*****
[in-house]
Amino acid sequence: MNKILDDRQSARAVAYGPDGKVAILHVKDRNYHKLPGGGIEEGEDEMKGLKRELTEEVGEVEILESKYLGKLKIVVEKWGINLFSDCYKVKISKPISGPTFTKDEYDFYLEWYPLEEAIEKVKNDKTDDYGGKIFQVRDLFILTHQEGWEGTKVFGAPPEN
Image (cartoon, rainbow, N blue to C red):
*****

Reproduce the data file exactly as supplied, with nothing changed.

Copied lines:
[in-house]
Amino acid sequence: MNKILDDRQSARAVAYGPDGKVAILHVKDRNYHKLPGGGIEEGEDEMKGLKRELTEEVGEVEILESKYLGKLKIVVEKWGINLFSDCYKVKISKPISGPTFTKDEYDFYLEWYPLEEAIEKVKNDKTDDYGGKIFQVRDLFILTHQEGWEGTKVFGAPPEN
Image (cartoon, rainbow, N blue to C red):